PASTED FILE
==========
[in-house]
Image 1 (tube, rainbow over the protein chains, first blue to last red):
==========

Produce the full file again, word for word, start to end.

[in-house]
Image 1 (tube, rainbow over the protein chains, first blue to last red):